Safety Tips - Safely Transporting Equipment/Materials


Operating trucks or truck-trailer combinations loaded with landscaping equipment and materials involves many potential hazards for crew members and those with whom they share the road. Overloading or neglecting to properly secure equipment, materials and plants in a pickup bed or trailer can result in serious injuries and even fatalities. Landscape companies can be held liable in court, and drivers can face criminal negligence charges.

Dos and Don'ts


  • Know your responsibilities under the law. If the combined weight of the truck, trailer and load exceeds 10,000 pounds, the driver must stop at roadside inspection stations and be able to present a copy of a medical examiner’s certificate stating the driver is physically qualified to operate a commercial motor vehicle.
  • As the driver, you are responsible for cargo securement and staying within weight limits, even if you didn’t load the truck or trailer. If an accident occurs and the vehicle/trailer were overloaded or items weren’t properly secured, you could face criminal negligence charges.
  • Secure items for every trip, no matter the distance. Neglecting to tie down equipment or secure materials during short trips is one of the most common mistakes landscape crews make.
  • Use the correct trailer hitch and ensure the trailer is properly connected to the towing vehicle. Also make sure safety chains are in place.
  • Inspect all truck and trailer lights before every trip. Do not travel until defective bulbs have been replaced. Also check the trailer light hook-up socket for loose wires or corrosion.
  • Check the pressure and wear of all truck and trailer tires before each trip. Check lug nuts on all tires to make sure they are tight and damage free.
  • Inspect all load-securement devices such as chains and straps prior to use.
  • Ensure loads are properly distributed and balanced in truck beds and on trailers. With trailers, place heavier cargo toward the front, ahead of the axle, and center it left-to-right. With trucks, place heavier materials as far forward as possible and center it side-to-side. An unbalanced load can cause a trailer to sway, possibly resulting in a traffic accident.
  • Use chains or straps with ratchet load binders to secure equipment.
  • Secure plant pallets or flats to the bed of the truck or trailer using tie-down straps or other appropriate devices. If you’re transporting small trees or tree saplings, secure them in an upright position.
  • When stacking materials, put the heaviest items at the bottom.
  • Cover materials such as mulch, planting bed rocks and yard debris with tarps. This can prevent objects from flying out and striking vehicles behind you.
  • Keep trailer decks free of dirt, oil and debris.
  • Before loading or unloading a truck or trailer, ensure the parking brake is set and the wheels are chocked.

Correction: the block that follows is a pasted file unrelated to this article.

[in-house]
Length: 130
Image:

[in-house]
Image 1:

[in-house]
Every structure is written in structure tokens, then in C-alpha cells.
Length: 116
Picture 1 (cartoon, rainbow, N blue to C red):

• Only load or unload trucks and trailers in clear, open areas with good visibility. Operate equipment such as riding mowers slowly (set mowers at half throttle) and be alert to co-workers who might be loading/unloading smaller equipment.
  • Use equipment such as skid-steer loaders and devices such as wheelbarrows and hand trucks as much as possible. Using these machines and tools for loading/unloading materials from trucks and trailers and transporting materials at jobsites can prevent musculoskeletal injuries. Work with fellow crew members when loading or unloading manually. One person should hand down items to another standing on the ground.


  • Exceed the gross combination weight rating of the trailer. This limit should be stated on the trailer or in its operator’s manual.
  • Create blind spots for the driver with the positioning of cargo.
  • Neglect to tie down fuel containers or tools such as rakes, shovels, hoes, picks, ladders, etc.
  • Tow a trailer with a vehicle not properly rated for the job.
  • Load a truck or trailer to the point it’s physically full, regardless of weight. Just because material fits in a truck or on a trailer doesn’t mean it should be there. Know gross vehicle weight ratings and don’t exceed them.
  • Be hasty when securing tarps. Tarps should be secured on the front and back and both sides. Secure mounted tarps in at least three places on both sides. Secure tarps that aren’t mounted in the front and back and at least three places on both sides.
  • Leave truck or trailer gates down. Make sure they are properly latched.
  • Dump material from a truck or trailer that isn’t on level, stable ground. When a bed rises during a dump, weight is concentrated on the rear axle, and this can cause the truck or trailer to tilt or tip.
  • Refuel equipment while it’s on a trailer or carry fuel cans with you. If you do fuel equipment while you’re transporting it, don’t stretch the hose across other equipment, ensure all machines are cool and use extreme caution.
  • Jump out of truck beds or trailers. Use steps and handholds where they are available. Where they aren’t, sit on the lowest edge, then lower yourself carefully to the ground.